A language police and literary garbage removal squad.Painful protocol for a poet to swallow.The Academie Francaise was created by Cardinal Richelieu in 1635 as the official agency of linguistic formalism. It began as a reaction against female domination of the salons and against the ”precieuses”, a group of intellectual ladies who favored a style of speaking and writing based on circumlocutions, euphemisms, and fashionable words like ”furiously” and ”terribly” . Men of letters who shrank from referring to feet as ”the dear suffering ones” and to rain as ”the third element descending” , began to meet at the home of  Valentin Contrart, a member of the species of non-writing writers. The atmosphere was that of an English club, informal and masculine.

Acceptance Ceremony, Jean Cocteau,1955

Acceptance Ceremony, Jean Cocteau,1955

In the beginning, Cardinal Richelieu felt there was something vaguely and suspiciously seditious about a society of men of letters who met on a regular basis without asking his permission.They had no statutes and intended no influence on public opinion. Richelieu offered his protection, which it was undiplomatic to refuse. Contrart and his friends were invited to draw up statutes and become the directors of ”a rich and pompous prytaneum of belles lettres” that would adopt the name Academie Francaise as ”the most modest and proper to its functions.” Literaries, thus found themselves as part of the cultural apparatus of government.A Civil service that grew out of the absolutist will to control and discipline language.

It became part of Royal doctrine and public policy that literature must be subservient to, and contribute to the grandeur of the state. Their task was to ”clean up the language  and remove the garbage accumulated in the mouths of the common folk or in the magistrate’s courts or through the abuse of the men in the pulpits who say the right things in the wrong way.” There are forty seats, occupied by ”immortals”  and an imaginary, unattributed forty-first seat, perhaps a forty-first seat of the pants.

Cardinal Richelieu’s concept was based on some emerging institutional forms of linguistic nationalism that involved the promotion of one’s national language as an important political concern; especially for the growing power of the nation state engaged in commerce and trade:”…which has eloquence as its central concept, theorizes language as a source of social and political power and as a vehicle for glorifying the deeds of statesmen. This model was originally revived by the humanists in the context of their belief that the Latin language had been badly degraded and corrupted since the fall of Rome. Emphasizing the power and glory that would accompany a return to Latin eloquence, they advocated a program of Latin revival. By the 16th century, poets and intellectuals who were immersed in Renaissance humanism, and who were oriented to the political problems of emerging European nation-states, began applying this model to the vernacular. Just as the earlier humanists were dismayed by the state of medieval Latin and worried that it could no longer offer a suitable medium for eloquent speech, the vernacular humanists were concerned that their languages remained too rude and barbarous to provide for eloquence. And just as the early humanists responded to this perceived crisis by embarking on an ambitious program of Latin revival and reform, the sixteenth century proponents of the national languages sought to make possible the power and glory associated with eloquence through a project of developing and imposing their own vernaculars. The early advocates of the vernacular saw in classical Rome the most successful example…In emphasizing the importance for politics of culture and language, they sought to apply this same model to the challenges of state-building facing their own societies.”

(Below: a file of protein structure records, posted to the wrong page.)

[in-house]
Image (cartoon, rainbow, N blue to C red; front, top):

L'Academie Francaise

L'Academie Francaise

The Academie excluded women and retained a clubbiness; it was less interested in men of genius than in men of distinction.The first woman was not elected until 1980. The Academie never pretended to monopolize literary greatness, given the impressive list of writers it overlooked. The omissions included Descartes, Diderot, Beaumarchais, Rousseau, Balzac,Flaubert, Zola,Proust, Gide,Camus, Malraux and Sartre among others. Moliere was excluded because he was categorized as an actor, while the son of the minister Colbert was admitted by birthright. During Colbert’s acceptance speech, one member wrote, ” If to enter here, glory, genius, and the gist of creativity were required, the seats would be often vacant”. Refusal was almost a compliment.

The Academie remains a bastion of entrenched French values. A fortress that has survived natural disasters and the attrition of time, though it never manges to keep up with the times. The natural disaster was the revolution. The National Convention suppressed the Academie in 1793 as ”gangrened by an uncurable aristocracy” Its casualty list included three members guillotined and three others who committed suicide. It was not until the Napoleonic era that the Academie was revived and the membership renewed.